View Full Version : Polish an old muzzle loader, or leave it alone?
November 19, 2009, 12:25 AM
A friend at work has what he says is an 1860's Springfield muzzle loading rifle recently given to him by his father. I haven't seen it, and he doesn't know much about guns, so that's all the info I have on the rifle. He does say it has brass parts, and he wants to know if it diminishes the value if he polishes those parts up with some Brass-o or Fitz. Says it's in beautiful shape, just the brass is tarnished.
Assuming it's the age he thinks it is, yay or nay? He's not talking about having the steel blued or anything, just polishing the brass parts.
I'm in over my head with it, antiques and mil-surps are not in my realm of experience. I'd appreciate any guidance to pass on to him.
November 19, 2009, 05:39 AM
I can't think what brass an 1860's Springfield would have. Regardless, no polishing! A gentle oiling would be about all I would do.
November 19, 2009, 05:53 AM
It is an understatement to say that "cleaning up" an old gun would diminish the value.
It is the worst thing he could do.
November 19, 2009, 04:02 PM
Clean up or anything to preserve, is fine. Polishing is a different story on the old guys. I personally like the "Patination" on old copper and brass or even german silver.
Take a good look at it and let the piece talk to you... ;)
I have a couple of older brass flasks for pocket pistols and showed them to a collector. Could have shot him when he started rubbing his thumb over the surface and he knew better .... :rolleyes:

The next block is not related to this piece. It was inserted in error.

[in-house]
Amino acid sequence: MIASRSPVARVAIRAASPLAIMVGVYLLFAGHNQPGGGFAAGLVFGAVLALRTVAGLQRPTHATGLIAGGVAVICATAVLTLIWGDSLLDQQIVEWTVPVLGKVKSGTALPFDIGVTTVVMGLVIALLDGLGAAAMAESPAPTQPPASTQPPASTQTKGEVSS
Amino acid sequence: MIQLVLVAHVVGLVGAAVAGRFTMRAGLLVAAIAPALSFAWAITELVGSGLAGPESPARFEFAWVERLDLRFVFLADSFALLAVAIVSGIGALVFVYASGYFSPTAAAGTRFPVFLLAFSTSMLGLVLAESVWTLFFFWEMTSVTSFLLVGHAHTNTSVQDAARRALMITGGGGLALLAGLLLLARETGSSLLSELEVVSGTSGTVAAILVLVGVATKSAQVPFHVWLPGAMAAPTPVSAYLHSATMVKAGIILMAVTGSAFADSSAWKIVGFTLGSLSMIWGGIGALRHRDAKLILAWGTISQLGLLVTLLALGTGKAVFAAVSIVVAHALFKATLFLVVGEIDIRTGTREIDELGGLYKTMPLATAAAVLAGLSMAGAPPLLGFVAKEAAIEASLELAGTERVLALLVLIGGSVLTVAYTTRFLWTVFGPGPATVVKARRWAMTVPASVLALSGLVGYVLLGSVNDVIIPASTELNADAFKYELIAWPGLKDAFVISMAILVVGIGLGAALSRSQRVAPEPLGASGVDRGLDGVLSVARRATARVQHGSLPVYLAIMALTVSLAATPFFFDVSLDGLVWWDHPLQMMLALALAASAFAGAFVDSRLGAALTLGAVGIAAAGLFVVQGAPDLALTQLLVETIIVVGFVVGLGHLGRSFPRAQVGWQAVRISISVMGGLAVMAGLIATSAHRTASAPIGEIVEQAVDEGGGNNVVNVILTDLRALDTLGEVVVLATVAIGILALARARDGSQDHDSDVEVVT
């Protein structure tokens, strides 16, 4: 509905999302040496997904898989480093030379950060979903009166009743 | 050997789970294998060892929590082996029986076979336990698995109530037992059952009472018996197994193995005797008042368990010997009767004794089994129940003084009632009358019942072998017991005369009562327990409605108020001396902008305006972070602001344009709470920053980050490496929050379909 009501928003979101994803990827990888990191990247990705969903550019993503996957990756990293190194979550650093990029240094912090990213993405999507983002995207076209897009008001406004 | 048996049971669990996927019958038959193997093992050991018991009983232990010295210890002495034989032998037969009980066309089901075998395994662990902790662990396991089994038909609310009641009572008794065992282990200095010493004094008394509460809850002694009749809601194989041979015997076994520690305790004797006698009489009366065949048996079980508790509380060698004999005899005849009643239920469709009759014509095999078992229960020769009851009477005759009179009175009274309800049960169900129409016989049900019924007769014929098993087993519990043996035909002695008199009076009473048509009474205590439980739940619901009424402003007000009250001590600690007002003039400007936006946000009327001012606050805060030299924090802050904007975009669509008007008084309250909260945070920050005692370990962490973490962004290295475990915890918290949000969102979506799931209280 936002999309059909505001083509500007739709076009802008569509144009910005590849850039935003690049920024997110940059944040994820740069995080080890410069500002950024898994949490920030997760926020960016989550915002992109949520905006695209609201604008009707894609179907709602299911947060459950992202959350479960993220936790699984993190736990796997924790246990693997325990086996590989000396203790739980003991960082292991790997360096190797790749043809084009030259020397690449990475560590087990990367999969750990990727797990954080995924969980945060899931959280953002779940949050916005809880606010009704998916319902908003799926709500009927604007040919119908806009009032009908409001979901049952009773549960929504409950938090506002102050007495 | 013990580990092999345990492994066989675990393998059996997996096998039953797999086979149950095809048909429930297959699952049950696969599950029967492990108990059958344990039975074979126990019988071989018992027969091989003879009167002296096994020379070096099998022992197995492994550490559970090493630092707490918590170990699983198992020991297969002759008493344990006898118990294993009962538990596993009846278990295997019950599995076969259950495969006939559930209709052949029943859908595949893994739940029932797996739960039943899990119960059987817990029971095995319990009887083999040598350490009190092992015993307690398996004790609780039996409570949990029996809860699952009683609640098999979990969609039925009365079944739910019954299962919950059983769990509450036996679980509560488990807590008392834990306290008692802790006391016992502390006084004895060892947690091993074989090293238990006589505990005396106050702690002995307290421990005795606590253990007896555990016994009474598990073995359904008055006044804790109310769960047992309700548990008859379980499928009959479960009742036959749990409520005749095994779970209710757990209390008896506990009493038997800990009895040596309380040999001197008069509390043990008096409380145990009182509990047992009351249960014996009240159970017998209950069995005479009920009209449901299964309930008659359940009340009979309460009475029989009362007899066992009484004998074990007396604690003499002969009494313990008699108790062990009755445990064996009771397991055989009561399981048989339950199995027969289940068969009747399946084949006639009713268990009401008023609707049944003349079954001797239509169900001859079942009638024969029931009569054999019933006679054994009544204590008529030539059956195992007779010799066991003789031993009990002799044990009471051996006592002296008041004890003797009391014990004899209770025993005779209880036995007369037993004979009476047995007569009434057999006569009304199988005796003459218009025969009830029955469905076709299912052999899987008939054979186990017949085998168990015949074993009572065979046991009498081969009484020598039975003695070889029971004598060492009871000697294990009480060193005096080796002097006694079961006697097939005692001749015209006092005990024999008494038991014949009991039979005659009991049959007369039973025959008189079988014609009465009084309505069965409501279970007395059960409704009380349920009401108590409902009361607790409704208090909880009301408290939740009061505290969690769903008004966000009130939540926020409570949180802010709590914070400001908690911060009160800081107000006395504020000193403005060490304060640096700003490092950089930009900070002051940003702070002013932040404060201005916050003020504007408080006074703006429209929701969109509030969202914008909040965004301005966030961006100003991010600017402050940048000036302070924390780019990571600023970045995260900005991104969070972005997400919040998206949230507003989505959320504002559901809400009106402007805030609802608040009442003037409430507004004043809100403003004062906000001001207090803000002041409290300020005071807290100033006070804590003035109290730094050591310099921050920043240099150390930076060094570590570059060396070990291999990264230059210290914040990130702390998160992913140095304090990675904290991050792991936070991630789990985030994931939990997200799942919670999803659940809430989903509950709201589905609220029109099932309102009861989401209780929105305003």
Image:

Be Safe !!!
November 19, 2009, 04:47 PM
Thanks for the advice everyone. I'll let him know to leave it alone, that's the easiest course of action anyway! :)
November 19, 2009, 05:26 PM
If your friend's dad gets stubborn about it (sometimes people say things like "I don't care about the value, I just think it would look nice"...),tell him that commercial cleaners are very damaging to old brass. They generally contain ammonia and other caustic chemicals, which will attack the surface, and in extreme cases can lead to something called "stress corrosion cracking," which is just as nasty as it sounds.
From a conservation point of view (leaving aside considerations of taste such as wanting to leave an object in "as found" condition), it's OK to clean, as opposed to polish, brass, if it can easily be removed and replaced (cleaning it removes stuff that causes corrosion, so it's actually a good idea, now and then). A 1:1 solution of acetone and denatured alcohol in a glass pan big enough to hold the brass hardware, a soft brush, and a lint-free cloth for drying will do all that's needed. Do not try to do this with the brass in place, as the alcohol/acetone solution will remove wood finish, and may damage other surfaces.
It's then possible to polish the brass using a slurry of alcohol and jeweler's tripoli or very fine auto body polishing compound, but that's where taste, and preserving the value of the object, comes in. Collectors like the original, unpolished surface, and they're probably right.
But mainly... please, no Brasso, Flitz, etc. Too many nasty chemicals. And no messing with brass that's still attached to the object, as anything used to clean or polish will likely damage adjacent surfaces.
November 19, 2009, 05:30 PM
It's not a springfield with brass on it, maybe an enfield.
November 20, 2009, 12:53 PM
For the sake and respect of that old war wagon, please dont scrub it up and polish it down. Let her wear her age with respect.
November 23, 2009, 09:56 PM
You should clean the bore and chamber like any rifle, the rest, just wipe off the grime and leave the patina intact. You can rub the wood with a wood polish or oil, but no sanding. Don't muck around with the screw heads or anything, they are usually softer steel than modern screwdrivers and will damage easily.
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